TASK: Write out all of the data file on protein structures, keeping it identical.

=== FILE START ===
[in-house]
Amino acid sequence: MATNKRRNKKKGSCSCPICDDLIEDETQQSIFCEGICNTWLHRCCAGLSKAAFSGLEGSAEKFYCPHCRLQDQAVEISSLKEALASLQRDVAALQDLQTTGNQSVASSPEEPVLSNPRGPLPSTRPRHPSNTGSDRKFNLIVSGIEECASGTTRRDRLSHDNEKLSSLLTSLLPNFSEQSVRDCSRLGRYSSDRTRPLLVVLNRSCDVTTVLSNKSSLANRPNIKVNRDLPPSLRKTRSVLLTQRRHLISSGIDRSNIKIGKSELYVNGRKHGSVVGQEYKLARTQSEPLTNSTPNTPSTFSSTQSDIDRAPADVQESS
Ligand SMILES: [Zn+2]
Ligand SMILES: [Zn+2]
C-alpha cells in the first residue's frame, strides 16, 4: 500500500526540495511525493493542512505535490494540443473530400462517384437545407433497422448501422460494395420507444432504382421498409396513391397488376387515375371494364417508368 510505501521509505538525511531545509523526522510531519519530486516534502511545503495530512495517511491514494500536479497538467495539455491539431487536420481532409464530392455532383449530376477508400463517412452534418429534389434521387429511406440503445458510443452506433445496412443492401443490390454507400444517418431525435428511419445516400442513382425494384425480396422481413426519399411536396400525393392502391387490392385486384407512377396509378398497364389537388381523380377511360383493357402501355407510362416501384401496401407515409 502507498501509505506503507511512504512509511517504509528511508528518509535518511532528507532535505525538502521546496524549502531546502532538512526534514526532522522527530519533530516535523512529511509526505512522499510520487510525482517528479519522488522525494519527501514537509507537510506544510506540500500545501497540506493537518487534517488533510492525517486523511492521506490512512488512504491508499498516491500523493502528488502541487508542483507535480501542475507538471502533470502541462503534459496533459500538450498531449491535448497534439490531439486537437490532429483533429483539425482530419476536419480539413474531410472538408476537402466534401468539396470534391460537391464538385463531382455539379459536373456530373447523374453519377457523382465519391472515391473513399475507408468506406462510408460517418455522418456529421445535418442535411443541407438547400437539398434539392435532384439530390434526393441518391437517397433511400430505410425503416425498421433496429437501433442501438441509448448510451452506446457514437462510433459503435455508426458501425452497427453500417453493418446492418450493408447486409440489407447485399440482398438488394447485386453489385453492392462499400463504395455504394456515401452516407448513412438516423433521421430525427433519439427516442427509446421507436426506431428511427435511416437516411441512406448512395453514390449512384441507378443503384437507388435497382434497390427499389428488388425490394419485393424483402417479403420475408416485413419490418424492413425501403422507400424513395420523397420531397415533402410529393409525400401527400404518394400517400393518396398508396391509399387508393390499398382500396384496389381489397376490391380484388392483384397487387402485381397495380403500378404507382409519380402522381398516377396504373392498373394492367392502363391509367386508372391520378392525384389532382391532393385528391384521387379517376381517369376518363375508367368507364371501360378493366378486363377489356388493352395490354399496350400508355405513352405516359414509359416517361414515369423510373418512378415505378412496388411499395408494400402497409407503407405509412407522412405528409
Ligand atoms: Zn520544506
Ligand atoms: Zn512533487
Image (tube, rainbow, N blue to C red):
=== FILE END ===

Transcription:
[in-house]
Amino acid sequence: MATNKRRNKKKGSCSCPICDDLIEDETQQSIFCEGICNTWLHRCCAGLSKAAFSGLEGSAEKFYCPHCRLQDQAVEISSLKEALASLQRDVAALQDLQTTGNQSVASSPEEPVLSNPRGPLPSTRPRHPSNTGSDRKFNLIVSGIEECASGTTRRDRLSHDNEKLSSLLTSLLPNFSEQSVRDCSRLGRYSSDRTRPLLVVLNRSCDVTTVLSNKSSLANRPNIKVNRDLPPSLRKTRSVLLTQRRHLISSGIDRSNIKIGKSELYVNGRKHGSVVGQEYKLARTQSEPLTNSTPNTPSTFSSTQSDIDRAPADVQESS
Ligand SMILES: [Zn+2]
Ligand SMILES: [Zn+2]
C-alpha cells in the first residue's frame, strides 16, 4: 500500500526540495511525493493542512505535490494540443473530400462517384437545407433497422448501422460494395420507444432504382421498409396513391397488376387515375371494364417508368 510505501521509505538525511531545509523526522510531519519530486516534502511545503495530512495517511491514494500536479497538467495539455491539431487536420481532409464530392455532383449530376477508400463517412452534418429534389434521387429511406440503445458510443452506433445496412443492401443490390454507400444517418431525435428511419445516400442513382425494384425480396422481413426519399411536396400525393392502391387490392385486384407512377396509378398497364389537388381523380377511360383493357402501355407510362416501384401496401407515409 502507498501509505506503507511512504512509511517504509528511508528518509535518511532528507532535505525538502521546496524549502531546502532538512526534514526532522522527530519533530516535523512529511509526505512522499510520487510525482517528479519522488522525494519527501514537509507537510506544510506540500500545501497540506493537518487534517488533510492525517486523511492521506490512512488512504491508499498516491500523493502528488502541487508542483507535480501542475507538471502533470502541462503534459496533459500538450498531449491535448497534439490531439486537437490532429483533429483539425482530419476536419480539413474531410472538408476537402466534401468539396470534391460537391464538385463531382455539379459536373456530373447523374453519377457523382465519391472515391473513399475507408468506406462510408460517418455522418456529421445535418442535411443541407438547400437539398434539392435532384439530390434526393441518391437517397433511400430505410425503416425498421433496429437501433442501438441509448448510451452506446457514437462510433459503435455508426458501425452497427453500417453493418446492418450493408447486409440489407447485399440482398438488394447485386453489385453492392462499400463504395455504394456515401452516407448513412438516423433521421430525427433519439427516442427509446421507436426506431428511427435511416437516411441512406448512395453514390449512384441507378443503384437507388435497382434497390427499389428488388425490394419485393424483402417479403420475408416485413419490418424492413425501403422507400424513395420523397420531397415533402410529393409525400401527400404518394400517400393518396398508396391509399387508393390499398382500396384496389381489397376490391380484388392483384397487387402485381397495380403500378404507382409519380402522381398516377396504373392498373394492367392502363391509367386508372391520378392525384389532382391532393385528391384521387379517376381517369376518363375508367368507364371501360378493366378486363377489356388493352395490354399496350400508355405513352405516359414509359416517361414515369423510373418512378415505378412496388411499395408494400402497409407503407405509412407522412405528409
Ligand atoms: Zn520544506
Ligand atoms: Zn512533487
Image (tube, rainbow, N blue to C red):